So here’s what I want to say to my peeps out there, the parents who are following similar bread-crumb trails of disaster around their houses:

You know your kid. 

Some of us have chosen to have service providers in our homes, accepting the risks; some of us have moved to telehealth, but with fewer hours; some of us have had to discontinue services, for one or more of a million reasons.  These decisions impact our child and our families now, and in one way or another, their future.  More than ever before, we are in our heads, second-guessing the decisions we are making about our children’s services, or about how we are handling their days (too much routine, not enough routine).  Even the opinions of well-meaning friends and relatives who are not trying to be judgmental can seep in and sow seeds of doubt.  Here is a mantra to repeat to yourself: I know my kid better than anyone.  You are the only one in a position to know what is best for your child.  It’s important to listen to the opinions of some (professionals who know your child, for instance) and to absolutely ignore others (your nosey neighbor who’s “just seeing if everything is okay” when your kid is raging over, literally, spilled milk).  Remind yourself frequently that you are the expert on your kid; not only that, you’re also the one directly managing the day-to-day every day.  Whatever decision you have made, I applaud you.

You are doing great, and I am not judging you.

Thou shalt not judge oneself by thy neighbor’s Instagram.  For reals.  Reading heartwarming stories about all of your friends’ kids’ accomplishments and seeing portrait-mode-perfect pictures of their happy faces while doing a distance-learning science project can stop my heart for a moment.  This stuff is hard for me in normal times; somehow this pain has been heightened by the pandemic.  If you can find it within you to see these things and be happy for your friends and also still feel good about your own family: you are a special angel and I want you in my life.  For the rest of us: turn off the Instagram and the Facebook and find communities of parents who understand your story and can celebrate the unique joys of your kiddo with you.  I could never tell my typical-mom friends about how thrilled I am to go two days in a row without a hole knocked in the wall, but I have found other moms who have similar circumstances and can help me rejoice in this little bit of progress, which reminds me that I am doing great.  You are doing your best AND your best is enough.  Recognize this and seek out others who will also appreciate your kiddo, your circumstances, and your efforts. Repeat to yourself, you’re doing a great job.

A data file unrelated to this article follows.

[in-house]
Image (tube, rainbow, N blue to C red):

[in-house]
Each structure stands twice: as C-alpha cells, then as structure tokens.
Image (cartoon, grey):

Ask for Help. 

I know, it’s harder than ever to get help.  Babysitters may be less available, or you may have less money to pay them.  Home therapists and respite workers were hard to find before the pandemic, and now it’s…well, let’s just not even go there.  Here are some ways to ask for help if you are drowning:

  1. If you do have a partner, I highly recommend locking yourself in your room once a day and tuning the world out, with headphones, a book, television, or a nap. Nobody can keep going without a break.
  2. If your child is able to FaceTime independently, reach out to friends and family members and schedule a FaceTime session every day, whereby you can get a small break. (Hooray!  Congrats!  You get to go to the bathroom alone!  Oh, unless you have multiple kids.)
  3. If you have an ABA therapist, keep them updated on how things are going. Don’t hesitate to communicate when something new has arisen or gotten worse – they are there to help you.  If you need more hours, ask for it.
  4. If you don’t have ABA services right now, reach out to see if telehealth is available to you, even if it’s just parent education.
  5. If your state has a crisis intervention hotline, put the number in your phone so you have it handy if you need it.
  6. Exhausted parents don’t love to cook dinner….if you can afford it, order take-out. If you have a friend that offers to help, ask for a dinner drop-off.  If you have cereal and toast for dinner every night for a week, I feel you, friend.